The Best and Worst

“She’ll never play the stupid thing!  I don’t know why I’m even bothering to spend the money.”  The disgruntled man stood before me, the picture of a successful businessman.  Expensive clothes, immaculate haircut…even the alligator wallet he held in his hand shouted, “Money to burn!”  I knew the man and believed the story his physical appearance was telling.  The words coming from his mouth, on the other hand, gave lie to the outer aspect of the man.  This was indeed a poor human being, poverty-stricken of spirit and impoverished to his heart.

This time of year, I think of Charles Dickens’ famous opening lines to “A Tale Of Two Cities” and almost want to make it my motto.  “It was the best of times.  It was the worst of times.”  While the meaning of the famous quote is still argued with respect to the story, when I say it here, it symbolizes the dichotomy between  enjoyable commerce leading to financial success and fulfilling a distasteful task.  The months of August and September in many music stores, mine included, are filled with nearly maniacal activity, selling band instruments and accessories almost as fast as they can be taken from the walls and shelves. But, with the good also comes the bad.

“The best of times…”  I love this time of year, first of all because I get to fulfill the dreams of a lot of children (and to a large extent, their parents also).  The kids come in wide-eyed, knowing that they will be leaving with a gleaming, complicated piece of equipment, which will be their ticket to making music with their friends.  Most of them have never been entrusted with such an expensive “toy” in their lives.  Many of the parents are just as excited, because they never got this chance as a child and they are delighted that their own progeny will have opportunities which they didn’t.  To a much smaller extent, it is the best of times in the music business simply because the worries that normally face me as a self-employed businessman are only a shadowy memory for these few months.  Because of the large number of transactions, the bank account is healthy and there are no worries about invoices coming due.  I can concentrate on the customers and their needs.

“The worst of times…”  Some other part of me dreads this time of year, mostly because of parents like the one you met in the first paragraph above.  As the “band season” peters out, parents will be straggling into the store at the last minute, many even after the deadline set to have an instrument.  Some of these will be parents who don’t have the finances to purchase a nice instrument and who will settle for a less-than-beautiful horn in order to assure their children a chance to pursue their dream of playing in the band.  I feel their disappointment and strive to give them the best value for their hard-earned money.  Even as they leave satisfied with their purchases, I’m still cringing, knowing that the other parents are still going to be putting in an appearance any time now.  These folks have the money.  They just don’t want to spend it on something as stupid as a clarinet, or flute, or trumpet.  Most of the time, like our friend above, they don’t have any faith in the ability of their child to learn the skills necessary to succeed in music.  I’m not good with parents like this.  I have to admit that I’d like to shake them.  I’d like to remind them of the people in their own lives who believed in them when they undertook impossible tasks; who cheered them on in spite of misgivings.  But, I don’t.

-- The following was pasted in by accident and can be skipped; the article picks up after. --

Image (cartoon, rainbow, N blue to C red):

That fellow we met a few paragraphs ago had come in to see me on the last possible day.  “That idiot band director says he’s going to put my kid in choir tomorrow if she doesn’t have a horn.  Sell me the cheapest one you’ve got.”  I suggested, not too subtly, that she would do better if she had a better quality clarinet, but he was not to be deterred.  “She’ll never play the stupid thing anyway.  Just let me take the cheapest one!”  He whipped out his Gold Card to pay for the hundred and fifty dollar purchase, glancing at his fifteen hundred dollar watch impatiently.  As he walked out the door, he repeated one more time, “She’ll never play it!”

The door closed behind him and I turned to the Lovely Lady.  “I guarantee it!  She will never play the horn.”  Oh, I had faith in the performance capability of the instrument.  It was a perfectly playable clarinet.  I just understand that our children will live up to our expectations of them nearly every time.  He believed she couldn’t play it and it was almost a sure bet that she wouldn’t.  My heart ached for the little girl, who I never saw.  How sad to have a father who was so wrapped up in himself  and his own toys that he couldn’t see the permanent damage he was doing to his child.

This is a truth which is not limited to the treatment of our children.  Respect and high expectations directed at those with whom we interact result in pride of accomplishment and success more often than not.  Will some of the kids who are encouraged and praised eventually be counted in the attrition rate that is inevitable in an organization such as band?  Sure.  There will be some who don’t have what it takes to make it in music, just as there will be in any endeavor.  But, the success rate is always higher when there is a positive, loving attitude in evidence from those on whom we depend.  I’m not talking about cheerleader-style sloganeering, either.  If we really believe in those we love, we’ll be in their corner, pulling for them all the way.  And, the human spirit responds in a powerful way to such evidence of confidence and love.